What I am supposed to comment on is how well Tim Moore underplays the difficulty of his narrative with humor, how only a British person could arrive iWhat I am supposed to comment on is how well Tim Moore underplays the difficulty of his narrative with humor, how only a British person could arrive in the country complicit in the prolonged bombing of his own and appreciate its machismo with tongue in cheek aplomb, how narratives of this type are dangerous reading because Tim Moore makes 32,000 Meters of elevation on WOODEN WHEELS seem possible.
I am reminded of the great Gary Busey, in Point Break, justifying a punch in the face to his senior ranking FBI honcho; "Respect your elders" throughout the book, even when he rapturously passes a group of septuagenarians climbing a peak greater than any in old merry England.
The swearing and occasional triumph of handcraft are relatable, imaginative and succinct. Possibly the highlight, if you resist the urge to imagine each and every pizzeria and glass of wine.
There is also a writing style that is unique, so full of jokes and references it sometimes has to be re-read to be appreciated, adding a sense of circuitousness that is wholly appropriate....more
I once met the daughter of a certain famous Russian ballet dancer and Soviet defector. I was buying garlicky humus and crackers at my local Co-op, andI once met the daughter of a certain famous Russian ballet dancer and Soviet defector. I was buying garlicky humus and crackers at my local Co-op, and noticed the name tag of yet another granola crunching, carob-chip-cookie making Osh-Kosh-Bgosh overalls wearing co-op employee, and thought maybe her name seemed a little more socialist than the other non-corporate names, (you don't meet a lot of Madisons and Tylers at co-ops, do you), but I didn't realize who it was until a friend mentioned it to me. Nothing struck me as anything less than what I would expect to encounter at my local co-op, where local farmers contribute their products to a marketplace that governs their profits and allows each farmer to profit from their own productivity, as Marxism states: "from each according to their abilities to each according to their needs."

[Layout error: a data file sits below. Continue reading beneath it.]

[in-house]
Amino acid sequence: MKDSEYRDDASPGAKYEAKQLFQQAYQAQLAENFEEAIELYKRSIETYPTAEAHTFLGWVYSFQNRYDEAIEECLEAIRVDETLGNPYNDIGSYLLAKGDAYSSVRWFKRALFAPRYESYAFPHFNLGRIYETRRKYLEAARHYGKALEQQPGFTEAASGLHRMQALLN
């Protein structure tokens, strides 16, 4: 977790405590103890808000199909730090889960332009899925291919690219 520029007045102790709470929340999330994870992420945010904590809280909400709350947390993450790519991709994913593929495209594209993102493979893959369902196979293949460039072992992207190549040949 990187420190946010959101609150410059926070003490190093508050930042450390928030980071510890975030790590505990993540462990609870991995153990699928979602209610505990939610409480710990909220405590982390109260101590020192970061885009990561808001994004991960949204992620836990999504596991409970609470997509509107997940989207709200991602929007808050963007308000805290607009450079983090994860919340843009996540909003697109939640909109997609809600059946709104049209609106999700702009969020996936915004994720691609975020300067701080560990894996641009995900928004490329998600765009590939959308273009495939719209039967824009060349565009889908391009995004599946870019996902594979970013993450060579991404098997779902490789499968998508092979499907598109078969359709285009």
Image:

That is the totality of my real life, in person, brush with famous dancer ballet experience. I might personally know a ballet dancer, have regular conversations with a ballet dancer and never understand why he or she always has hammer toes, resin on their shoes and never misses a chance to wave their hands in the air while delicately balancing on a street corner on one raised foot to hail a cab. I did read Black Beauty though, and it as the point in Li Cunxin's memoir when he too reads this story of a horse that I bought into his life story.
As a child of poverty in Communist China, Li Cunxin's memoir begins as a story of deprivation and abject servitude to Mao. Based on his memoir, it is after he arrives in America, and witnesses his benefactor purchasing thousands of dollars worth of Christmas presents that he begins to question the validity of Communist China and General Mao's grand vision. Ironically, it is the austerity of The White House that imparts a feeling of validity to Cunxin's growing unease with Mao's personal wealth and his countries third world living conditions. While learning to read and write English, Li Cunxin performs ballet on an international level with great success and acclaim, and as a Communist defector challenged the authority of a government he would not abide. Both are admirable. ...more